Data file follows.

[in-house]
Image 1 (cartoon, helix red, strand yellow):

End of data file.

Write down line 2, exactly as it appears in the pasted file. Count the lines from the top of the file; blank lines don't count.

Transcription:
Image 1 (cartoon, helix red, strand yellow):